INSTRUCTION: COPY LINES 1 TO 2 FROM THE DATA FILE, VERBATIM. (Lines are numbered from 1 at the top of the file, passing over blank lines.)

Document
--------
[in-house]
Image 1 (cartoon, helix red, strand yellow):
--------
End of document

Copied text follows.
[in-house]
Image 1 (cartoon, helix red, strand yellow):